The Spurs take Hammon seriously for the same reason the Golden State Warriors respect Steve Kerr, or the Milwaukee Bucks lend credibility to Jason Kidd. She is young enough to relate to them, and they know she’s a player. Hammon thrived with a sweet shot and a deep understanding of the game. She doesn’t have to prove anything to her players; she already proved it on the court.

“When she’s talking, they’re looking at her,” said Bobby Marks, a former Nets assistant general manager who attended the Las Vegas summer league. “They’re not looking into the stands or rolling their eyes. She commanded that huddle. Guys look up to her.”

At the end of one summer league game, Hammon stood in the middle of the huddle and drew up a final out-of-bounds play with the score tied and 2.5 seconds left: an isolation on the weak side, designed for point guard Shannon Scott to catch an inbounds pass while moving toward the rim. The play broke down a bit, but Scott still shook free with enough space to swish a game-winning floater from the elbow at the buzzer.

“There’s always pioneers in everything,” NBA Summer League Executive Director Warren Legarie said. “What we always value above anything else is competence and clarity. She belongs at this level. It’s not a gimmick. That’s the thing the world has to get over. She’s played the game. She understands the game. She knows how to teach the game.”

During another game, Hammon argued with an official, standing toe-to-toe and screaming until she drew a technical foul in the service of protecting her players. They rallied around her. “That’s what really solidified with her team, when they saw her just as their coach, not as some kind of symbol,” Legarie said. “That’s the transcendence here.”

Last summer, Hammon was the only woman who took part in Las Vegas. This year, Nancy Lieberman served as an assistant coach for the Sacramento Kings, and Lindsey Harding served in the same role on the Toronto Raptors’ bench.

“What it’s saying is, people are looking for good coaches,” said Legarie, who also represents a gaggle of NBA coaches and executives as an agent. “It doesn’t matter from where they come. That’s what the game is about. That’s what summer league is about. It’s a testing ground. . . . If you separate yourself here, the NBA sees you as a viable commodity for later.”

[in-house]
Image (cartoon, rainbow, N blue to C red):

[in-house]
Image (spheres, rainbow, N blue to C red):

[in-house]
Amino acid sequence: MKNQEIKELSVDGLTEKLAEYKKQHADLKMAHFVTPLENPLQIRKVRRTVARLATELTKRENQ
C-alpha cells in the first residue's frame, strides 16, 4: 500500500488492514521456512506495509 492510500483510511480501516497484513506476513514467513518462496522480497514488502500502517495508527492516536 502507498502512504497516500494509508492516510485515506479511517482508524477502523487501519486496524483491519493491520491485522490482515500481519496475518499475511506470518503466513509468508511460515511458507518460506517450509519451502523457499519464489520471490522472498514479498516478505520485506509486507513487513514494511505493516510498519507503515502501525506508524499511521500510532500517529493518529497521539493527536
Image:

The Spurs’ championship made Hammon a more visible and viable candidate to become an NBA head coach. Kerr and David Blatt, the two head coaches in this year’s NBA Finals, received their first NBA head coaching experience at last year’s Summer League.

Tuesday morning, Marks caused a minor stir when he tweeted: “I know this is a bold statement. If I was running a team and had a head coaching opening. The first call would be to Becky Hammon.”

For some owners, though, the perceived risk of breaking a barrier will hinder Hammon. Marks noted the “insecurity” in many front offices, that breaking standard protocol and losing is a quicker way out of a job than losing by standard measures. There is no doubt sexism exists.

“I think the hardest group is probably some current male coaches who are afraid of change,” VanDerveer said. “Some people might be out of jobs. If you block out half of the population from jobs to begin with, you’ve blocked out half the competition. If in fact women are able to compete, they’ll do well. Those are the people saying women don’t know the game, they can’t communicate with the guys. I think it’s BS.”

Hammon proved that in Las Vegas. It’s true that Becky Hammon coaching the Spurs is a victory for women. But she’s only coaching because having Becky Hammon is a victory for the Spurs.